Summaries, Lucky Pennies and Roland Barthes

Essays and reports from the study support scheme always give me something to think about. Last year the penny dropped when Dr. Gordon gave me some valuable advice, ‘say what you mean.’ It sounds quite a bit easier than it is. In year two I decided the best way to learn how to construct an argument is to de-construct one.  After two years of focus I can now do this with summaries.

Summaries are difficult; an outline is not a summary. For me a summary picks apart the area between ‘connotation’ and ‘denotation.’ This is easy to see in fiction. For example a writer like Charlotte Bronte, a literary artist, is concerned with connotative meaning of words. There is often a gap between the surface meaning and the frame of the argument I want to de-construct.

I am interested in the frame; this gives me tools to construct my own argument.  What really helps me is to make a connotative summary and a denotative summary of a text like ‘Villette’.  A denotative summary might be: ‘Lucy Snowe traveled by sea from England to Labassecour. She was alone and pre-occupied because she had few resources and no family or friends. A young woman close to her age was also traveling on the ship. She and Lucy exchanged a few words.  The young woman encouraged Lucy to visit Madame Beck.’  This kind of summary helps me to remember the plot but does not help me construct an argument.

A connotative summary might be: Lucy Snowe’s comfortable childhood memories enhance the poignant sense of loss, youth and real fear she experiences on the voyage to Labassecour.  Those memories, juxtaposed with the presence of Ginerva, Lucy’s emotional anguish and physical fear create a powerful effect. Ginerva’s comfort, wealth, and confidence exude from Bronte’s portrait of the ideal, superficial feminine construct of her time. The contrast with Lucy’s fragile circumstances and isolation create a powerful emotional impact and present the beginnings of Bronte’s argument.  Bronte introduced a third important young female character early in the story, serious little Paulina, a child with unformed body, personality, and mind who is saturated in filial piety and contrasted with the adolescent, fatherless, Lucy and Ginerva.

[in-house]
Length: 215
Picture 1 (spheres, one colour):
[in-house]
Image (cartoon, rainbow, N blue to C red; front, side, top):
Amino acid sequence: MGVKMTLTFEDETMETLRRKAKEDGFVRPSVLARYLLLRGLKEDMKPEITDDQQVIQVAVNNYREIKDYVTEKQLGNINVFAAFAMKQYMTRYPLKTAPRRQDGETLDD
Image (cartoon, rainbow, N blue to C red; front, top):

Personality, three young women of very different circumstances all journeying to the same physical and future destination, along with imagery and characterization focused on gender constructs identify some interesting research opportunities.  I would like to write a psychoanalytical essay and a feminist essay on Villette based on the material from this summary of the first few chapters.

Summarizing a few chapters is not enough to write a good academic essay; in screen-writing class we are coached through exercises to determine if an idea has enough substance for a feature script. That is a handy exercise for academic essays. My next step will be to summarize the middle and end of Villette and evaluate what happens to the research ideas I found in Bronte’s initial connotative use of language as the story progresses.

This is incredible progress for me; summarizing this way helps me to apply terms like ‘condensation’ to my arguments.  Learning to summarize concepts rather than outline a sequence of events is a hard-won skill. I cannot tell you how many times I have read ‘Image, Music, Text’ and waited for the penny to drop; This year’s lucky penny come sfrom Roland Barthes.

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